Tuesday, March 3, 2015

Which backpack is best for your hike?

There are three major types of  backpacks, including the internal frame
(above). Photo courtesy of bjwebbiz/Photoree.

Most common
among backpacks
are frameless
or pack frame

When selecting a backpack for a hike, you’ll find there are many different types, each offering its own positives and negatives. Choosing the right kind will help ensure you are best prepared to handle the trail.

Generally, there are two types of hiking backpacks – frameless and pack frame, the latter of which can be divided into two kinds, external and internal.

A frame is a structure, usually made of aluminum or another lightweight metal alloy, that gives a backpack its shape. It helps redistribute the weight of a backpack more evenly across the body by transferring much of it from the shoulders to the hips and legs. All of this lowers the chance of injury while allowing a hiker to carry more weight farther.

Some hikers prefer to forgo a frame, however, as it adds weight and size to the backpack. Since their hikes are short and very little is carried in the backpack, dispensing with the added weight and bulky shape of a pack frame is a positive tradeoff.

The simplest of backpacks, a frameless model typically is held to the body only with shoulder straps and have few if any exterior pockets. It usually cannot carry loads of more than 30 pounds without affecting a hiker’s posture or restricting the upper body’s range of motion. Because of this, it is the preferred pack of ultralight backpackers and mountaineers. They also are inexpensive, making them a favorite of day hikers. Frameless backpacks used by day hikers usually are called daypacks, as they are not large enough to hold sleeping bags or tents.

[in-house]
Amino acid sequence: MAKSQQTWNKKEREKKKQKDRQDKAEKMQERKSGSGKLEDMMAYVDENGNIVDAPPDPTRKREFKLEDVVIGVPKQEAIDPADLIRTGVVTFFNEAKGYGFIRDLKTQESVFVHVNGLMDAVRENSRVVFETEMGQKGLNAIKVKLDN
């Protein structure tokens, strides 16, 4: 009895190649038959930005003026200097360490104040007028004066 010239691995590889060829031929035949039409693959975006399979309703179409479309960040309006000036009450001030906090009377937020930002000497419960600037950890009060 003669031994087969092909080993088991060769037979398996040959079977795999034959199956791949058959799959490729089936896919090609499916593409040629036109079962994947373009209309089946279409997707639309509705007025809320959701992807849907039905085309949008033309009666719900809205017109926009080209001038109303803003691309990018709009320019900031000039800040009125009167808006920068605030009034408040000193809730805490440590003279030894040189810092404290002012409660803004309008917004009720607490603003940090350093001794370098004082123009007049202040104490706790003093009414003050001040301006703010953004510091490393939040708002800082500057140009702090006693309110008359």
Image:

External frame
An external frame consists of a skeletal structure to which a frameless backpack is attached. Backpacks also can be purchased already attached to an external frame. Either way, they typically include a hip belt to help redistribute the weight from the shoulders to the legs and hips.

This type of backpack prevents the frame from touching the hiker’s back and creates a space between the sack connected to the frame and the hiker’s back, allowing for air flow. Both result in increased comfort. It also is more customizable so that loads can be arranged to meet the hiker’s preference or even more unique items – such as pets – can be carried. The downside is that the backpack connecting to an external frame usually is smaller than those with an internal frame, though items (such as sleeping bags and mats) can be attached to the external frame itself.

Internal frame
In this type, the skeletal frame is placed inside the sack itself. It also usually comes with a hip belt.

Its primary advantage is that loads are less likely to shift within the backpack than they would in an external frame model. This is useful when crossing rocky terrain. Many hikers also prefer the snug fit to the back that it offers. An internal frame further allows the backpack to come with more exterior pockets so that gear can be compartmentalized, making items easier to find when hiking. The sack portion of an internal frame also is larger than on an external frame, allowing the hiker to carry more.

Learn about trail guidebooks available in the Hittin’ the Trail series.